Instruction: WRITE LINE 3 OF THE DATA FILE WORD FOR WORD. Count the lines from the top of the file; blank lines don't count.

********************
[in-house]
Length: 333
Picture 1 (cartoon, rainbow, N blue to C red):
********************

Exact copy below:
Picture 1 (cartoon, rainbow, N blue to C red):